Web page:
The final book in the Penn Cage series before Greg Iles takes it into the Natchez Burning series (though technically still Penn Cage, it’s weird, a series within a series), I was ready pretty early on in the book to get it over with and revisit the second half of the series to see if I’ve changed a lot since I read them several years ago or if they really are significantly better than the early books (I’m guessing the latter).
The Devil’s Punchbowl finds Penn Cage running the city of Natchez, but in his two years as mayor, Cage has already become disenchanted with his grand plan to raise the town above all that it’s become. When an old friend from grade school requests a clandestine meeting with Cage and passes on sickening information about activities going on in the town, Cage can’t ignore it. When his friend ends up dead, Cage makes it a personal campaign to catch the bad guys–even if it means getting tangled up with a federal sting operation.
While better than Turning Angel, I didn’t enjoy The Devil’s Punchbowl as much as I’ve enjoyed other books that Iles has written. This one also was pretty gratuitous with sexual content (though I will say that, as it deals with the underworld, it’s at least a little more fitting to the context, even if it’s not enjoyable to read) and at times very graphic. This book definitely needs trigger warnings for rape/sexual abuse and graphic violence, specifically against animals.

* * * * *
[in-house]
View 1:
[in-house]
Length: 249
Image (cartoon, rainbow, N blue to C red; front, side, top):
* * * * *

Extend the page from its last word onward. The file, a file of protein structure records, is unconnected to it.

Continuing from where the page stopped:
The Devil’s Punchbowl is fast-paced, as Iles books always are, but once again it fell flat of my expectations. What has drawn me to Iles’ works are the stories of intrigue mixed with politics and the courtroom. While Iles proves himself a master of thrillers in many sub-genres, turns out not all of them are up my alley. Which is OK, a thriller writer needs the ability to branch out or else risk becoming predictable.
This book is well-written but quite intense with the content it deals with, and not everyone will be able (or willing) to tolerate the detail Iles goes into, nor the plot twists he uses to move the story forward. I don’t want to say it’s inappropriate for people of delicate sensibilities, but I can’t think of a better way to phrase it. The first three books of the Penn Cage series require some thought before diving in.